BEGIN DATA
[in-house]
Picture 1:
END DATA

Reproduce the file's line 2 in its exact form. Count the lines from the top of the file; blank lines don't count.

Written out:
Picture 1: